The team of moderators tasked with monitoring YouTube’s content at Accenture’s Dublin headquarters got the message their office was closing via a ping through their group chat on the evening of March 17. The spread of Covid-19, the coronavirus that has so far infected more than 200,000 people worldwide, was too dangerous for them to continue working in the open-plan office in such close proximity.
For their safety, they were being sent home – though contractual restrictions meant they couldn’t continue to do their work filtering through the 500 hours of footage uploaded every minute to the platform remotely. There was a general acceptance of inevitability about the decision, explains one contractor there at the time, who asked not to be identified because they aren’t authorised to speak to the press. The contractors were told they’ll be supported financially while the office is closed.
The contractors are the secret army of workers who keep social networks relatively clean. Underpaid and overworked, with impractically high targets (a former moderator for YouTube contracted through Accenture told me that their 98 per cent correct targets were so stringent they would only be allowed a few of mistakes per month), they do the grunt work of filtering through questionable content and deciding whether it’s acceptable under the rules of the websites that dominate our world.
There are 10,000 of them who work across Google’s products, and more than 30,000 are contracted to monitor Facebook. The numbers have drastically increased in the last two years as the tech companies have faced criticism for problems in their processes.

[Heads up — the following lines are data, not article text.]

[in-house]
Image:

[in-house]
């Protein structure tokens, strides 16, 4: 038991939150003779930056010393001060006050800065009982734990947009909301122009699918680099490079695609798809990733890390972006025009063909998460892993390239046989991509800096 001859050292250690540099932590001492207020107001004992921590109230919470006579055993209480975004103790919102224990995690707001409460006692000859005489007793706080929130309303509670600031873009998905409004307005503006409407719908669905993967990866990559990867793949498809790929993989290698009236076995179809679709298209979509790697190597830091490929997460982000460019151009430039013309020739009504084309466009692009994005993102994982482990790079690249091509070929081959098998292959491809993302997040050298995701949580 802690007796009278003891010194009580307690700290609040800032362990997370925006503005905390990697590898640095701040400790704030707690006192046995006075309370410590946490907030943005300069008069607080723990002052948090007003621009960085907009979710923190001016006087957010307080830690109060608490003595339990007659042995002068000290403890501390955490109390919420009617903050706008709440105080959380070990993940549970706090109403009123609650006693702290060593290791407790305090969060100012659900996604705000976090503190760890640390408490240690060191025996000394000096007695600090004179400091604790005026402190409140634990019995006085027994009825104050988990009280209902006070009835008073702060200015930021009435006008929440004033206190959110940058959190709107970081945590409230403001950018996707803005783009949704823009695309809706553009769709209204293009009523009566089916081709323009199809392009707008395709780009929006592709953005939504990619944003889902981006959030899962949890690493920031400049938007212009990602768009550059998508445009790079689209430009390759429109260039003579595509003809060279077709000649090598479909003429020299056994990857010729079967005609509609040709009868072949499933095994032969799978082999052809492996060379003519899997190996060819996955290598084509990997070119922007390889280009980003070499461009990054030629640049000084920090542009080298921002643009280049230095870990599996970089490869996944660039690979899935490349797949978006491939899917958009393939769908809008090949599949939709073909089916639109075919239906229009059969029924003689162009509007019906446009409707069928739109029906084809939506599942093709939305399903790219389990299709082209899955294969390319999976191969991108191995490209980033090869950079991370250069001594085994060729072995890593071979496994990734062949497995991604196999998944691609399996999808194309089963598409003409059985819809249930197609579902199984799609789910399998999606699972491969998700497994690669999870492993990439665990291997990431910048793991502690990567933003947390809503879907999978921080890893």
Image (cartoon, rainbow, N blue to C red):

This meticulous human work is often downplayed in favour of tech firms promoting their automated monitoring systems to flag and remove inappropriate content – but we’re about to realise just how important they are.
It was when Harold Oldfield tried to post a couple of stories to Facebook about the United States’ reaction to the coronavirus outbreak that he realised something was wrong. They were from reputable news outlets – The Hill and Politico – and both were immediately flagged as spam. “I was amused, since I have literally written the book on regulating platforms like Facebook and have an entire chapter on the importance of fairness and transparency in content moderation,” he explains. “To say this is not how you do it is an understatement.”
He protested the classification and the posts were restored. “For me, this was minor, even amusing. But the downside is if it knocks out time sensitive speech,” he says. “That’s always the worry. Everyone points out the bad stuff that gets through, so they make the filters overaggressive. It’s harder to see the time sensitive good stuff that gets screened out.”
Oldfield isn’t the only one. People who have been trying to share important, factual news stories and information about the coronavirus have seen their posts triggering Facebook’s anti-spam filters to maintain community standards. Alex Stamos, a former Facebook executive, tweeted that he thought it was “an anti-spam rule… going haywire. We might be seeing the start of the [machine learning] going nuts with less human oversight.”
It’s something Mark Zuckerberg touched on in a conference call on March 18: “Even in the most free-expression, friendly traditions like the United States, you’ve long had the precedent that you don’t allow people to yell fire in a crowded room, and that – I think it’s similar to people spreading dangerous misinformation in the time of an outbreak like this.” The conclusion – which was also reached by YouTube – was a simple one. It’s better to accidentally suppress the spread of “good” information in order to ensure “bad” information absolutely can’t take a foothold. YouTube admitted “users and creators may see increased video removals, including some videos that may not violate policies.”
“Content regulation involves making incredibly nuanced decisions – especially when the thing you’re trying to take down doesn’t have a neat definition: think ‘terrorism’,” says Frederike Kaltheuner, a tech policy fellow at Mozilla. “Automated systems can’t make these nuances decisions, and manual flagging mechanisms are also often abused by people who engage in coordinated flagging to contents or accounts they don’t like.”